The Future Of Electric Vehicles In The UK
Currently, the most talked about subject in the energy sector is the uptake of electric vehicles (EVs). Until recently, the power sector in the UK was the highest emitting sector since 1990. Emissions have been cut down by 48.8% since then. The advent of the pandemic in 2020 brought various restrictions and changes in society and the economy in the UK. It made a significant impact on greenhouse gas emissions – a decrease of 10.7% was observed in 2020 from 2019. Low-carbon sources now make up more than half of Britain’s power generation.
The lower carbon electricity systems mean that Electric Vehicles are already cleaner in comparison to internal combustion engine vehicles (ICEV’s). These will continue to get greener as power continues to decarbonise.
The UK’s decarbonised and distributed energy mix still requires flexibility to make its management efficient and make new technology cheap for consumers to reap its benefits. Flexibility investments are estimated to be £8 billion annually to the economy by 2030 and between £17 to 40 billion a year by 2050.
PHASING OUT THE COMBUSTION ENGINE BY 2030
While the demand for EVs is at a record-breaking high, robust regulation and incentives are still required to break free from our reliance on fossil fuels.
It is called the Zero Emission Vehicle (ZEV) mandate is an excellent way to go about this. It is a form of regulation that requires manufacturers to sell a minimum number of zero-emission vehicles as a proportion of their overall UK sales. This proportion will progressively increase with time, reaching 100% by the time of the ban on all non-zero tailpipe emission vehicles by 2030. The mandate is an important barrier to uptake right now!
Likewise, new vehicle emission standards need to be stricter. It is crucial to cut down on emissions from new petrol and diesel vehicles sold between now and 2030. Our policy outcomes need to be centred on decarbonisation rather than making the switch to EVs (they are an excellent technology and there is no denying that). As the IEA highlights in its Global Net-Zero Report, one-third of all journeys made car need to be switched to public transport by 2050.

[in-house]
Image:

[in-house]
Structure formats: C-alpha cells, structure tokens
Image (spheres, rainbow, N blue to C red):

The most prominent concern of all EV drivers is the upfront cost. EVs are currently expensive and subsidies are very important right now. Likewise, purchase grants also come at a cost to taxpaying citizens. EV price will likely decrease by 2027. In the meantime, we suggest introducing the “bonus-malus scheme.” It is a first-year registration tax levied on new vehicles based on their emissions, the revenue raised then covers the cost of providing purchase grants for EVs.
DEVELOPMENT AND MANUFACTURE OF EV BATTERIES
The number of automotive batteries produced annually will need to increase to meet the UK and global EV targets. The UK government has pledged to fund £318 million on the Faraday Battery Challenge – part of the Industrial Strategy Challenge Fund sponsored by the Department for Business, Energy & Industrial Strategy. The Faraday Institution is the UK’s flagship battery research and development programme. With an investment of £108 million, it supports research with the potential to provide commercial solutions for the future battery market.
Another chief project within the Faraday Battery Challenge is the UK Battery Industrialisation Centre in Coventry. This £129 million facility will support companies through the battery manufacture process so that they can scale up capacity to expand on a global scale.
CAN THE INCREASED DEMAND FOR ELECTRICITY KEEP UP?
The bigger question is, can the energy system cope with the increased electricity demand for EVs? We think, yes! But we need to be smart!
Yes, EVs will increase household electricity consumption, but they are also a flexible load on the system. Generally, all EV charging will be done overnight – energy demand is already low at night. Likewise, all EVs will be automated to charge during other low demand periods. It will allow drivers to benefit from cheaper electricity and help avoid unnecessary, costly network reinforcement.
Nonetheless, we agree that there are challenges to electrifying the transport system – blockages have emerged in how charging connections and EVs have rolled out across the nation.
EGB thinks that one way of ensuring that the system reflects the regional nature of the network is the need to enable localised, dynamic price signals. With this, the retailers and energy service providers can incentivise drivers to align their charging with network needs.
Moreover, more flexibility at the local level is required as challenges will be most acute there. A change is needed in how distribution network operators work to make progress. Price signals, new digital technologies, market structures and improved monitoring will be needed to encourage the correct behaviour. But as we mentioned above, the benefits of a “smarter”, more flexible energy system are needed.
To summarise, 2020-2021 have been vital years for EVs, with the government announcing that new petrol and diesel cars will be phased out from 2030 and all new cars and vans would be zero-emission from 2035.
With the new Glasgow Climate Pact, which is a guide for nations towards key efforts to decarbonise; it is an opportunity for the government to back up its ambitious claims and be an example, other nations can follow. The UK currently has over 25,000 public electric charging points, and this number is increasing daily. Taking the wheel behind the EV movement is one way of showing that the UK means business.
ABOUT EGB ENGINEERING
EGB Engineering is an international engineering consultancy firm with expertise in the field of power and propulsion. We provide sustainable and renewable engineering products and services to clients and operate in the aerospace, energy and nuclear industries.